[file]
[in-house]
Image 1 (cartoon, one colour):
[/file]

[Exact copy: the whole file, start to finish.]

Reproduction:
[in-house]
Image 1 (cartoon, one colour):